in later stages of their lives as caterpillars.

Getting a look at this metamorphosis as it happens is difficult;
disturbing a caterpillar inside its cocoon
risks botching the transformation.

A Tussah silkmoth failed to spin a cocoon
see the delicate, translucent jade wings, antennae and legs
a glimpse of what usually remains concealed.

August 12

Piles of clothing on the bed
some new, like today new,
some old and worn.
What to pack?
An enigma, quandary
and drama!

August 13

Long lunch with a lovely friend,
talk turns to sweet smelling toilet facilities
and eucalyptus.
Let’s bottle koala farts
that would do the trick!

August 14

Birds busy at the feeders;
table full of blackbirds kicking seed,
variety of tits on nuts.
And a rabbit
Where does he fit in?

August 15

Evening clouds,
shepherds delighted all across the county.

August 16image

Quiet room

cool space.
Under the stairs
a window on the world beyond
it’s hot out there!

August 17

Red juice slow dripsimage
Gin soaked raspberries
dangle
Muslin stains in its work
While I relish the results.

 

August 18

Today’s work is pulling thistles
Feels like I am pulling up my roots
Scotland is far far away

August 19

Builders’ hammering.
Nail guns sound
like shotguns.

I need to beat a retreat.

August 20

In the dying daylight I go out
in the dusk to put hedgehog food
in the bowl, the rustling wind
In the trees reminds me I am
in the moment, listening.

August 21

Sunday morning
casually read the news
a growing sense of abhorrence.
Above the line all gold medals
honour and smiles.
Below, horror, rape and terror
relegated into silver.

August 22

A box is opened today
packed in a previous life
revealing lost treasures
suddenly it is 1991
and I am marrying
for the first time

August 23

Cloud watching from the hammock
on this humid afternoon
a cheetah running
followed by an ice skate
just one…
more swirling and it turns
into a suit of armour

August 24

Green fields
speeding train
a bolt of black and white
the sheepdog bounds
chasing the carriages

August 25

Summer rain
beats on the windows
of my glass house
Summer feels like autumn
days are colder, shorter
Mist clouds
my vision

August 26

Busy days but not much present
I stop to breathe and catch the time
standing still
waiting for me to notice

August 27

The neatness of my packed suitcase
contradicts the chaos in my head.

August 28

Yesterday all about travelling,
stop, start, stop, stop
mostly stop on the M25

Overnight we have turned French
And we are stopped again
much happier this time!

August 29

Ruth must know something!

The healing power of waves
and a family rift is flowing closed
I will return from this time on the water
A sister once again

August 30

The murmuring shush of the sea
softens the burbling banter
of the biddies
as we await the ferry

August 31

Me: I went into the ladies and there was a male steward handling an orchid.

Husband: That’s a small stone right there!

The Alchemy of Poetry

The next few months look like they will hot up in the writing life stakes. I have joined a local writing group where the majority of members seem to be poets, and I am attending a local (different) group where, at the January meeting, I am due to read my own work to the unsuspecting public (which is really other, very sympathetic, poets!) I have also signed up for a four-month course to learn the craft of poetry creation more formally, and I am looking forward to this very much indeed.  It has a well-known poet as the tutor and only a small group of students so I should get some good feedback and learn lots.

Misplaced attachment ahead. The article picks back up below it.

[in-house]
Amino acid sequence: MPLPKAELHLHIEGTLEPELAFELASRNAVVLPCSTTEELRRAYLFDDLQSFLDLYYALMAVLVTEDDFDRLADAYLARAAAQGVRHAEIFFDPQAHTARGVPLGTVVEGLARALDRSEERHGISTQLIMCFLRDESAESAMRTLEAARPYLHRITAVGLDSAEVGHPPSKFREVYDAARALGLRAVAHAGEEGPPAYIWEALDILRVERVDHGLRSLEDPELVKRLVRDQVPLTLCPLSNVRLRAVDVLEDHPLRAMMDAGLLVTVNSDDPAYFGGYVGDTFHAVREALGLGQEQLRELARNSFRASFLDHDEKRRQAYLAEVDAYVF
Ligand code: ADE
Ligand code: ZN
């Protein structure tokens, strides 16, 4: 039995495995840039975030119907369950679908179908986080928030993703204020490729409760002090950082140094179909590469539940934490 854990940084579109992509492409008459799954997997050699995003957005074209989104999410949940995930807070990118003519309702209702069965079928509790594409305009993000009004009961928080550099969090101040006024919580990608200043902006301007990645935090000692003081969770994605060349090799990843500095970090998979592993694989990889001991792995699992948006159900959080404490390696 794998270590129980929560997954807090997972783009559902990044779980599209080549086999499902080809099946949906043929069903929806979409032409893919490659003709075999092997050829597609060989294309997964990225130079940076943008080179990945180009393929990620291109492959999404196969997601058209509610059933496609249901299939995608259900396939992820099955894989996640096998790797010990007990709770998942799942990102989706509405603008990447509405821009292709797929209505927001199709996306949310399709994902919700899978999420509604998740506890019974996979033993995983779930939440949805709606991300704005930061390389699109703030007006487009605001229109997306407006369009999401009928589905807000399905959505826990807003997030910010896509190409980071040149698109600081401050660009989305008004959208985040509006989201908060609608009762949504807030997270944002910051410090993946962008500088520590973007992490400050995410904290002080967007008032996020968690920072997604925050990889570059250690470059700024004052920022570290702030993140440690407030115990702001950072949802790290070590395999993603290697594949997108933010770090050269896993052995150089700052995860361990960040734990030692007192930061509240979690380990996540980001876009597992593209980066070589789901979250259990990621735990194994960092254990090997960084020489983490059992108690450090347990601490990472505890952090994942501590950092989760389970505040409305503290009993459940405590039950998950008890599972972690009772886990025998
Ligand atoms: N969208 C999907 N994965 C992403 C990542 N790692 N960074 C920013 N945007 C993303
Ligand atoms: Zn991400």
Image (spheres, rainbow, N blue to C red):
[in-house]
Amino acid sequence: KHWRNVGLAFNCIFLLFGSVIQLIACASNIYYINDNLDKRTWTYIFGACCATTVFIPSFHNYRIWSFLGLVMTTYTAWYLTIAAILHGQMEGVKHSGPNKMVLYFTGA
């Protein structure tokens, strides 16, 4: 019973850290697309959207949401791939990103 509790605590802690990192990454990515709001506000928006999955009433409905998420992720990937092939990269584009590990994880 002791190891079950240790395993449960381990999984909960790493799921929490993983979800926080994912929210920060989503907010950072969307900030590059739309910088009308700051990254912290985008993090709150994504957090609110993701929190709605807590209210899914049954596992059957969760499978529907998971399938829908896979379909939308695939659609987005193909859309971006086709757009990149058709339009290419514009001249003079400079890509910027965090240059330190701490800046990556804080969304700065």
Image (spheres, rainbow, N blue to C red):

This exposition takes care of what is happening out in the external world to feed the soul with new inputs and to create threads to hold me to the work that I need to do, but that is only half the story. Recently I have been thinking about the alchemy of poetry and the connection it has to my heart and soul. The ability for what look like ordinary words on the page to take on this magical property when in the right order and turn into an exquisite masterpiece of language and meaning – to make something opaque appear transparent, (or even something always thought of as clear look opaque!)

Through the work of David Whyte and Oriah MD, plus many other more, I have seen poetry work on a soulful level. The books by Roger Housden  in the series “Ten poems  to…”,  particularly the first one “Ten Poems to Change Your Life” are full of such work, and essays about how they have done just that. These writers make for inspirational reading. Sometimes though it is hard to see what it is that is being said – there is a certain way to look at poetry, a bit of an art to reading and absorbing a poem (like the art needed when looking at Magic Eye 3D pictures from my younger days!).

Kim Rosen says the following in her book “Saved by a Poem: The transformative power of words”:

In order to enter poetry’s language, your grip on habitual, left-brained ways of processing information needs to soften. Somehow we know how to do this with music and art. You probably wouldn’t try to figure out the exact meaning of Beethoven’s Ninth Symphony or Ella Fitzgerald’s scat singing. Nor are you likely to do a pragmatic analysis of an abstract painting by Georgia O’Keeffe or Jackson Pollock. You feel these art forms. You allow associations to play through your awareness. You let your linear mind relax and go for the ride.

As you read poems, listen to them, and speak them aloud, try meeting them as you would a piece of music. Allow your rational, linear brain to relax. Dare to not understand, to lose your grip on making sense of the words. Let the images, like musical notes, pour over you. The French philosopher Gaston Bachelard writes that poetry “comes before thought . . . [R]ather than being a phenomenology of the mind, [poetry] is a phenomenology of the soul.”

This is beginning to make sense to me; the alchemy of turning words into poetry and the language of the soul. I hope to be doing more of this in my own work and finding the soul food in others’ poetry as I really start to understand and appreciate the magic in making of verse.